Village Saving and Loans Associations increasing flood resilience in South Sudan
Through the Flood Resilience Measurement for Communities tool, Concern Worldwide South Sudan have identified and implemented various action plans, such as the Village Savings and Loans Associations (VSLA) technique, to mitigate the negative impact of floods in their communities.
With support from the Alliance, 29 VSLA groups have been formed across the 13 communities in which Concern works. The VSLA’s empower the communities, especially women, to diversify incomes by offering loans to create and develop small businesses. In turn, the VSLA’s also allow local communities to grow economically and become resilient to flooding by responding faster using financial power gained.
Concern provided the groups with trainings on VSLA methodologies, with a focus on record keeping and business management skills. This training was complimented with kits comprising of savings boxes and stationery for record keeping purposes. Presently, the groups meet once per week to discuss progress on savings, loans and shares. Members can acquire shares at 500 South Sudanese pounds (SSP); however, a member is only currently allowed up to 5 shares per sitting.
Community member Abuk Wieu participated in the VSLA Scheme and was able to use loans from the group’s savings to construct a flood resilient grass thatched house, traditionally called a ‘Luak’, for keeping her animals in. “As a community action group member, I learned a lot on building flood resilience in my household and in my community. I was able to save 500 SSP on a weekly basis and later started saving 1,000 SSP after completing construction of my house’’ said Abuk.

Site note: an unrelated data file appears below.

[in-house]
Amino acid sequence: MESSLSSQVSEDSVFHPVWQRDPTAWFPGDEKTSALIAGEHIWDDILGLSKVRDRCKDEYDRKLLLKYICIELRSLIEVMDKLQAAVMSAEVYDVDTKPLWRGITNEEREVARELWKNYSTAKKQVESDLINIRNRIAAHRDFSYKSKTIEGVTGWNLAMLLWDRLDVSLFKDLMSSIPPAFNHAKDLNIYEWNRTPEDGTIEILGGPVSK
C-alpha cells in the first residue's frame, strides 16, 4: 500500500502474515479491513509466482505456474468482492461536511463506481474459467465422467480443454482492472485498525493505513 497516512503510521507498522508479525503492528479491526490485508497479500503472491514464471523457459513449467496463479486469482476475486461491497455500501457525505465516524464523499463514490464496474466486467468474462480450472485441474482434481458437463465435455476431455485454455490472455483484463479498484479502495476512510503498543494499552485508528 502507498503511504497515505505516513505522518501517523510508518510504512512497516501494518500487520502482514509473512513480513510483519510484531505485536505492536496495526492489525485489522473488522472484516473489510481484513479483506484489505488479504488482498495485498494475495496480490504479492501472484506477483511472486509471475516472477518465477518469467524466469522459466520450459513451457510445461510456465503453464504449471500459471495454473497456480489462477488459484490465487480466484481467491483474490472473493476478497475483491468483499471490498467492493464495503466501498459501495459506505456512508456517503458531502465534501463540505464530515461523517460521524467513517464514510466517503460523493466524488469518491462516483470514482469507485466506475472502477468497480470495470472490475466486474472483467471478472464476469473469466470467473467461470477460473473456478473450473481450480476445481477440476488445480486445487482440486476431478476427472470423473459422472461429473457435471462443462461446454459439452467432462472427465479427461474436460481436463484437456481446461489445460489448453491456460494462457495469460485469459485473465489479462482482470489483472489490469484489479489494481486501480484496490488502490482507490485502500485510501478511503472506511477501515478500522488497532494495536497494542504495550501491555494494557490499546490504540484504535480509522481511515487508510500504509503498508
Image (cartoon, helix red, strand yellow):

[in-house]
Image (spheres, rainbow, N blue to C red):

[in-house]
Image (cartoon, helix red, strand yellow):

Abuk keeps a variety of domestic animals, including goats, sheep and lactating cattle. The group loaned Abuk 18,000 SSP at an agreed interest rate of 20%. She used the money to purchase local materials, such as poles, and paid for the transportation of the building materials. She said that a group of women supported her in thatching the house and she cooked meals for them, which cost her 3000 SSP. “I used the knowledge on flood resilience to first raise the floor of my ‘Luak’ to keep the animals safe from flood water. I have also started raising the ground around my homestead” she explained.
The community also initiated a disaster fund through household contributions. 54 households contributed about 3.5kgs of sorghum and three households contributed 3000SSP (1000 SSP per household). The action group said that they are going to sell the sorghum and keep the money in their disaster fund.
Makuach Kotic is a community in Aweil North County that can be completely cut off for up to four months of the year by flooding during the rainy season. Through funding support from the Alliance, members from the twelve bomas (administrative units consisting of multiple villages within a hierarchical structure), formed their own community action plans, which have helped mitigate the negative effects caused by the recurrent floods.